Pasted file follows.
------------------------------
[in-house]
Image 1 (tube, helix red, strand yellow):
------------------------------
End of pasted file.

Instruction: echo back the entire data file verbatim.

[in-house]
Image 1 (tube, helix red, strand yellow):